How can inflation affect currencies? It is a question that everyone asks. But, especially when the economy is so dynamic and more and more investment methods are being sought, we can take advantage of it without affecting our money.

 

What effects does inflation have on a currency?

 

The fact that the inflation rate rises means a mismatch between the demand and the supply of goods in a particular zone, which in this case would be the eurozone. There would be more demand than supply. The fact that there is more demand or less demand will depend on the credit facilities in the economy, that is, on whether the banks open the “tap” more or less. Money is created by banks every time they grant credit. And it comes out of nowhere because they only have to have a fraction in their reserves of the loan they issue. Bills and coins are only physical support for money. Still, there is more, such as accounting entries in current accounts, savings books, etc.

 

Banks open their hands more or less according to the directing rates set by the Central Bank. If rates rise, fewer loans are granted, and less money is created. Well, money in itself is nothing. It is a debt guaranteeing the goods and services produced in the economic area to which said money belongs. The guarantee of the euro is the goods and services produced in the eurozone. Suppose the money in circulation in euros increases and the supply of goods and services does not increase. In that case, this guarantee will dilute a more excellent money supply. This causes the currency to lose value since the economic warranty is less.

The INFLATION differential.

 

If a country has higher prices for the same product than another, it is losing competitiveness. Therefore, exports will fall, and the reduction in relative costs of foreign goods will increase imports.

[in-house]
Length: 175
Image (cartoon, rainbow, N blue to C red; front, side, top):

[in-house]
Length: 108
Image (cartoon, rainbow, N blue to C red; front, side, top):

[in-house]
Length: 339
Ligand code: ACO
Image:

Why hasn’t inflation skyrocketed yet?

Suppose, despite the measures of the central banks and the Federal Reserve, inflation remains contained. In that case, the new liquid balances created do not reach the public. For inflation to increase, the money supply and the velocity of money must increase, which is what we economists call the frequency with which money changes hands.

 

Right now, the money does not move: from the central bank to the banks’ balance sheets to cover holes. In addition, now the banks have the business of borrowing from the ECB at a ridiculous interest rate and, with that money buying public debt with higher interest rates. Then the credit does not reach the ordinary citizen.

 

Another reason why inflation has not spiked is that inflation expectations remain contained. Therefore, the best way to act on inflation is to contain its expectations because once it breaks out, it is difficult to stop.

 

Learn more about currency movement here.

 

And if you want to know the procedure to change your money, you can find out here.